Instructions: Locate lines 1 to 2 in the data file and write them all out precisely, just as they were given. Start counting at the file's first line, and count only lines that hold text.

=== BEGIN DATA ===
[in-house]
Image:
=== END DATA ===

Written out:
[in-house]
Image: